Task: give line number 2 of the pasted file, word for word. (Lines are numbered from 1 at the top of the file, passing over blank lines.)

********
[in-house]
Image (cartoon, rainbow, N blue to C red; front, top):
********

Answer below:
Image (cartoon, rainbow, N blue to C red; front, top):